Barr Drops Primary Bid After Pureval Enters Race

A new congressional redistricting plan passed the Ohio state House.

Feb. 7, 2018, 11:23 a.m.

Rabbi Robert Barr (D) “said Tuesday he was dropping his campaign to make way for” Hamilton County Clerk of Courts Aftab Pureval (D), who “announced his bid last week” against Rep. Steve Chabot (R). Pureval “could have faced a nettlesome Democratic primary against Barr, who had raised a significant amount of money in his short-lived campaign. But Barr said he would clear the path so Pureval could train his fire on Chabot.” (Cincinnati Enquirer)

Meanwhile, Pureval’s fiance “filed a police report Monday night saying that she has been stalked at their Hyde Park home since before he announced” his campaign last week. “According to the police report, which lists Pureval as a ‘reportee’ and his fiancee, Whitney Whitis, as the victim, ‘suspects are sitting outside the victim’s house at all hours of the day’ since Jan. 29. The suspects, who are not named in the report, have attempted to photograph Whitis ‘and have come onto the victim’s property banging loudly on the door, yelling at the victim and attempting to photograph through the windows,’ the report said.”

“The Chabot campaign has indicated it is going to make an issue of Pureval’s residency. Pureval’s home is in the 2nd Congressional District, not the 1st.” A “photo of him entering the house, which is for sale, after having said he moved could be exploited politically. Pureval has not been back to the house since the campaign announcement. The Chabot campaign had volunteers at the house to see if Pureval still lived there as of Thursday, Feb. 1, said spokesman Cody Rizzuto, but none have been there since then. Whoever was involved in the alleged incident was not associated with Chabot, he said.” (Cincinnati Business Courier)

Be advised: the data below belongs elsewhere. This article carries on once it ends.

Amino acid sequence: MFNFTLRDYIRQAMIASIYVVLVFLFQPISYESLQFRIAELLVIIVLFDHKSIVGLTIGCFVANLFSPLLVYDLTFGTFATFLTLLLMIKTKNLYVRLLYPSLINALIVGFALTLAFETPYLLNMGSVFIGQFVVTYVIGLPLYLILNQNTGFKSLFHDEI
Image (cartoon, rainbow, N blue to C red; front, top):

REDISTRICTING WATCH. “Ohioans will vote in May to change how the state draws its congressional districts to a process that supporters say will lead to fairer, more competitive districts,” after the state House approved on Tuesday what was “the culmination of months of behind-the-scenes maneuvering by legislators to craft a bipartisan reform plan that could block a citizen-initiated amendment slated for the November ballot.”

The May vote will be “on several changes intended to increase minority party legislators’ voice during the redistricting process and reduce politicians’ ability to draw districts that favor a political party or incumbent. If approved by voters, the changes would take effect for the next redistricting process in 2021. Republicans have controlled 12 of Ohio’s 16 seats every election since GOP officials drew the maps in 2011 but only garnered 56 percent of the votes cast statewide.” (Cleveland.com)

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